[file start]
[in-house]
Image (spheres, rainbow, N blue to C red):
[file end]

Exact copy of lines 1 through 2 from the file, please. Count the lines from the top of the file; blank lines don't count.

[in-house]
Image (spheres, rainbow, N blue to C red):